5. Soul food
Soul food is a bit of a broad category, and one best found, again, in the south (they really do know how to do food down there). Soul food generally refers to dishes and recipes that come from the USA’s African-American community, with the likes of gumbo and shrimp and grits taking centre stage.
My favourite has to be okra soup. Here the okra, a tasty African vegetable, is simmered in a pot with pork neck, pig tail and lima beans. Where to eat it? You should be able to track it down pretty easily in the south, but Ernie’s on Charleston’ Spring Street is my personal pick, where you can dine like a king for under €10.
Americans constantly bicker about which of their restaurants serves the best pizza in the world, which is ironic, considering the dish is Italian. Chicago, New York and St. Louis are all big contenders for the doughy top-spot, but based on what I’ve eaten, I’d have to hand it to NYC.
Here you can find great big, tasty slices of pizza for less than €1, much better than anything you’ll find in Dominos or Pizza Hut. They are also the perfect way to keep your tummy satisfied on a budget. Look out for the places that top their pizza with real fresh mozzarella, you won’t be disappointed.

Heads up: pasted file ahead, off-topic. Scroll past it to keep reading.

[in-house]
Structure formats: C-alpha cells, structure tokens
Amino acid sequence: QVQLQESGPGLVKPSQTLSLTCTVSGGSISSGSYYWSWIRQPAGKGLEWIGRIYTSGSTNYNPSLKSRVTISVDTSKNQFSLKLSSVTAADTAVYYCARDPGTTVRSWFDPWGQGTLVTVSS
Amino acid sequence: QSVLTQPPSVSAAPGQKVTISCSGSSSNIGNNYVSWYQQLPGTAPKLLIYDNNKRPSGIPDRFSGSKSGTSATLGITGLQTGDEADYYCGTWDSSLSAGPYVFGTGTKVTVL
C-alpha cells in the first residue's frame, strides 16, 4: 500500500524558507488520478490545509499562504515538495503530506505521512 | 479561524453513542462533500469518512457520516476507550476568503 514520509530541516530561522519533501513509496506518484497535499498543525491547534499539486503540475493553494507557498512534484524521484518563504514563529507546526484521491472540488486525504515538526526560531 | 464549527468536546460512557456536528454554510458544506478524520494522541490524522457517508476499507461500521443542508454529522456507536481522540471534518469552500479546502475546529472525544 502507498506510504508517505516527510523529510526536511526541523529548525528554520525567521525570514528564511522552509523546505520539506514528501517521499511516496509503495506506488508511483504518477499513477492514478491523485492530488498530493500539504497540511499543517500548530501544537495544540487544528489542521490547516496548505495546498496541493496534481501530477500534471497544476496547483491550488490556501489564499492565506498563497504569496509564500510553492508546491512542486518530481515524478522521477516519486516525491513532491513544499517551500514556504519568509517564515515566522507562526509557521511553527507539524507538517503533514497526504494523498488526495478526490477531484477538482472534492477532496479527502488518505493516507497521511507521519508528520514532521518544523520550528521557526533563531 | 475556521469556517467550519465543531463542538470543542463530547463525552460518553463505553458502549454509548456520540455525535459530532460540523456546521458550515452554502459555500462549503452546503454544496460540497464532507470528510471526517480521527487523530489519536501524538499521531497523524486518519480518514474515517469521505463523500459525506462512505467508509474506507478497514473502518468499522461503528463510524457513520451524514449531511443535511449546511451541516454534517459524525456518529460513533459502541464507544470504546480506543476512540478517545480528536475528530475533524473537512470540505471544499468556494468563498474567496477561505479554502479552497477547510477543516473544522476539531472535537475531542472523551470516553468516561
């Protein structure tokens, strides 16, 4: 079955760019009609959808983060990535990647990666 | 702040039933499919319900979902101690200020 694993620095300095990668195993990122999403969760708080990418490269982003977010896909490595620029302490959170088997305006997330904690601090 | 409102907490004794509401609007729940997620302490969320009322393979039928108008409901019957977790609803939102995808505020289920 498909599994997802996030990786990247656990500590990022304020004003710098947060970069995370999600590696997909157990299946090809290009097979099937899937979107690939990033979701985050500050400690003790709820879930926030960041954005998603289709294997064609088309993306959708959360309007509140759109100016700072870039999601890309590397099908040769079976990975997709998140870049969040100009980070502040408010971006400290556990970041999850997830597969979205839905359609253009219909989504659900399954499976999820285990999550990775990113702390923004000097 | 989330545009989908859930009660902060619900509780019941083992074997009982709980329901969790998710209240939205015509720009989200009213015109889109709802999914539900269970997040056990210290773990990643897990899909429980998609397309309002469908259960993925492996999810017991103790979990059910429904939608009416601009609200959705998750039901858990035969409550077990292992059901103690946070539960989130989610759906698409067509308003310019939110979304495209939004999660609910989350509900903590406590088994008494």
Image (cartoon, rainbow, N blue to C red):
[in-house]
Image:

7. Food trucks
Right, health and safety first; please don’t read this title as a recommendation to chomp on the truck itself. I suppose that’s needless to say, I’m guessing that since you have the ability to read this, you probably know not to eat… metal.
Food trucks are a whole subculture unto their own in the USA. What’s more, you’ll be hard-pressed to find anything that pushes the €10 mark, so it’s ideal for feasting on a budget. Kimchi tacos, gourmet burgers and BBQ ribs are just three things that spring to mind from the endless selection that America’s food trucks offer. Even if you usually avoid the British burger van, you’d be a fool to miss out on the American equivalent.
The notion of the American biscuit always confused me. To a Brit, a biscuit is roughly the same as a cookie, and it’s something we usually dunk in our tea. My American friends would instead talk about biscuits being served with the weirdest foods, things like sausage, gravy and fried chicken.
After going to the USA, I found that a biscuit was more like a savoury scone, served as a side to all manner of dishes. My favourite pairing? Stuffed with some seriously salty Virginia ham and served with an old home-style stew. It’s perfect for soaking up and wiping clean the last traces of that sauce from your bowl.
Fancy a trip out to sample all the delectable delights America has to offer? Find yourself a hostel and book now.
Have you eaten your way across the USA? Let us know your favourite American dishes in the comments below…
Author bio: Tom is a twenty-something blogger hailing from northern England. After teaching in South Korea for three years, he decided to pack his bags and go on the trip he’s always dreamed of, with the aim of stepping foot on each continent before his 30th birthday. Right now, he’s eating, exploring and hand-gesturing his way around the world.